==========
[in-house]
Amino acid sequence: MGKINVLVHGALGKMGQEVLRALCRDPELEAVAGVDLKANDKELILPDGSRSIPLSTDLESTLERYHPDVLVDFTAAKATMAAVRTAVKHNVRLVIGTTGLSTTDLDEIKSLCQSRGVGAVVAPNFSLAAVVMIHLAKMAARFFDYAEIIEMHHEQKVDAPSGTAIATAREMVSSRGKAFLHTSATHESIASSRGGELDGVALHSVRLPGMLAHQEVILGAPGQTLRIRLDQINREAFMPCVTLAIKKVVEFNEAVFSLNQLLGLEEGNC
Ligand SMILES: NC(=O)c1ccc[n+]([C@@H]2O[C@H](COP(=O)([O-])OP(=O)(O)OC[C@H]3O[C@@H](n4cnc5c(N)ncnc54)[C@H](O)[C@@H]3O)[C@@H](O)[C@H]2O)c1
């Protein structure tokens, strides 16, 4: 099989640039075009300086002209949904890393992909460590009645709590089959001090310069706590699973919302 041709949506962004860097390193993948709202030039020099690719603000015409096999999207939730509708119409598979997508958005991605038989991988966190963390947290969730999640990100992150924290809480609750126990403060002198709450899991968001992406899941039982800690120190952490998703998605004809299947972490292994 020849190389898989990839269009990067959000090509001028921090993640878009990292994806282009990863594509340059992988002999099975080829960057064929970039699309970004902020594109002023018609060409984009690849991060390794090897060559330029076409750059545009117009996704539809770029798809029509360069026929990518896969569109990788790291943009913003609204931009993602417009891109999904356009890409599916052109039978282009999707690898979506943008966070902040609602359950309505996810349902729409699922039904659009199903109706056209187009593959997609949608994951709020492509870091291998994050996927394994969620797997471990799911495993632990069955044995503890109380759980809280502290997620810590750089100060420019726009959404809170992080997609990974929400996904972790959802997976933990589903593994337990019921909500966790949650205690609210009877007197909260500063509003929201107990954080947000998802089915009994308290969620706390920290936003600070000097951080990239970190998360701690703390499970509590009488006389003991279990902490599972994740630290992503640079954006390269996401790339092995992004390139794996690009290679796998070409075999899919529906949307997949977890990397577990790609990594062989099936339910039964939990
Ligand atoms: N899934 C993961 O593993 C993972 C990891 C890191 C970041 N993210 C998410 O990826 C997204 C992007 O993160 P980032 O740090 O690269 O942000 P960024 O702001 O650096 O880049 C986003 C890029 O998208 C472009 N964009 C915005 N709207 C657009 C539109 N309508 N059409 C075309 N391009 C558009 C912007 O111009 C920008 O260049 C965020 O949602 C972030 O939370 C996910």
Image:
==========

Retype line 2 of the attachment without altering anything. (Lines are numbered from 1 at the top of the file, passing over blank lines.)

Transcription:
Amino acid sequence: MGKINVLVHGALGKMGQEVLRALCRDPELEAVAGVDLKANDKELILPDGSRSIPLSTDLESTLERYHPDVLVDFTAAKATMAAVRTAVKHNVRLVIGTTGLSTTDLDEIKSLCQSRGVGAVVAPNFSLAAVVMIHLAKMAARFFDYAEIIEMHHEQKVDAPSGTAIATAREMVSSRGKAFLHTSATHESIASSRGGELDGVALHSVRLPGMLAHQEVILGAPGQTLRIRLDQINREAFMPCVTLAIKKVVEFNEAVFSLNQLLGLEEGNC